I figured that someone would ask that question. Yes, it has come to mind while performing, but you have got to be careful! One has to pay attention to what's going on during church service. (This is really no different than being in the water ... paying attention, that is.) There are plenty distractions in addition to everything one must be doing while "on the bench." Oh yes, I have made my fair share of boo-boos from being distracted over the years. Hope this information floats your boat.

cinc3100
March 8th, 2003, 12:28 AM
This an old thread folks. But I usually workout between the 5,000 to 10,000 or the 10,000 to 15,000 a week. I do swim all the four strokes to use different muscles and swim mor backstroke and Fly than when I was started but usually swim the most yardage in freestyle than breastroke. What do you feel helps you be in shape.

cjr
March 10th, 2003, 10:04 PM
I swim 3-4 days a week. Usually 3 weeknights about 3 - 3500 yards. On Saturday mornings about 4-5000 yards. I lift light weights afterwards and do stretch cords.

I think your success of how fast you go is dependant upon how many times you participate in meets. Nothing can compare to competition.

I have both a USMS & USS/A registration card. For the USMS season, because of where I live (Greater Cincinnati area) I am able to attend 2 Masters meets or more each month starting in October. For the LC season, I use my USS/A card to attend meets.

To test your ability, you must put yourself in the actual situation.

That is my opinion.

cinc3100
March 10th, 2003, 11:34 PM
I've done three meets in masters. Don't want to do the USA open thing because a lot of 9-10 and 11-12 year old girls can beat me. But I do fair in the breast for my age.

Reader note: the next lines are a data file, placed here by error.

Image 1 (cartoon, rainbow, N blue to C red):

born2fly
March 11th, 2003, 12:29 PM
This has been an interesting thread. I have been back at swimming for just under a year after a 18 yr layoff. I am currently logging 30,000+ per week in the pool. I swim m-w-f mornings at least 3,500 per practice. These are my better workouts because I get a lane to myself and can work the fly. I also swim every evening where I concentrate on either distance or sprinting. After my evening workouts I also incorporate dryland for an hour which consists of situps, dumbells, and stretch cords.

As for competeting, I swim in all the meets I can. I do both Masters meets and USS meets. CJR, I have probably seen you at a USS meet since I am in Dayton area and swim many USS meets in Cincy. Time wise, my times I do not feel where they should be at. I feel as if I am swimming faster and better in practice than I did as a youth, but its relearning to swim at race speed and getting that "swim mentality"at a meet.

All I know is I am looking forward to the middle of April once I begin my taper.

See everyone in Tempe,
greg